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2013 • 8 • 21

It was my last night in Japan and I was sure I had more than enough money to carry me through a sit-down dinner (as opposed to the usual convenience store sushi takeouts). That evening I was certain I wanted to try okonomiyaki for the first time. It was a delicacy that I had long wanted to try since my plane landed in Japan, but my unreliable sense of direction could not bring me to an okonomiyaki place in Osaka. Finally in Kyoto, on the way back to the hostel, I spotted an unassuming restaurant tucked along Karasuma Street.

After a minute of waiting, my travel buddy and I were led by a waitress deeper into the restaurant where big tables were arranged neatly. Each table in the area had an iron griddle to keep the food warm. The crowd here was young that night — students and yuppies enjoying great food and greater conversations.

When the waitress realized we were not Japanese, she hurried to one corner and returned with an English menu. The menu was fantastic. Not only did it explain the dishes well, there were also instructions on how to prepare the okonomiyaki Kyoto-style.

Osaka's Okonomiyaki VS Kyoto's Negiyaki
Osaka’s Okonomiyaki VS Kyoto’s Negiyaki

Okonomiyaki vs Betayaki vs Negiyaki

Okonomiyaki is a traditional Japanese savory pancake. It’s a portmanteau — okonomi, which means “what you like” because you can add any other ingredient you want; and yaki, which means “grilled” or “cooked.” Although the meat ingredient varies depending on who’s cooking and who’s eating, the base remains the same — wheat flour, eggs, and cabbage. The Kansai Region is said to be the birthplace okonomiyaki, and Osaka and Hiroshima became famous for these veggie pancakes.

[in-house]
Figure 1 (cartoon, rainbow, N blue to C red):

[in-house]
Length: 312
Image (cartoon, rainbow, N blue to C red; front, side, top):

Okonomiyaki: wheat flour, cabbage, and eggs (JPY 819)
Okonomiyaki: wheat flour, cabbage, and eggs (JPY 819)

The city of Kyoto, on the other hand, is known for two other varieties of okonomiyaki. Betayaki is much thinner but uses the same base ingredients. Negiyaki replaces cabbage with scallions (Japanese bunching onions, known in the vernacular as kujo).

Negiyaki --- wheat flour, kujo onions, eggs --- with shrimps and clams (JPY 735)
Negiyaki — wheat flour, kujo onions, eggs — with shrimps and clams (JPY 735)

We would love to try all three, but with only two stomachs to accommodate them, we had to give up betayaki. The decision-making, however, did not stop there. Donguri serves several versions of these pancakes. There are beef, pork, seafood, and even vegetarian options. Since we were both okonomiyaki virgins (read: first-timers), we opted with the standard okonomiyaki. We went for the less boring option for our negiyaki — seafood.

When they were served, we were overwhelmed by its size. We didn’t realize that each serving would be big enough for two. The okonomiyaki had a thicker batter. Negiyaki was thinner but more loose. This made it harder to be cut by the spatula. The hot griddle kept “cooking” both pieces as we followed the instructional card on how to season and garnish them. We added sweet and spicy sauces and sprinkles a bit of dried seaweed.